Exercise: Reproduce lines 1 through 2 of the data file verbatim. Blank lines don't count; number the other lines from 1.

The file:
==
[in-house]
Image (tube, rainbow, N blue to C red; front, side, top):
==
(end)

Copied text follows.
[in-house]
Image (tube, rainbow, N blue to C red; front, side, top):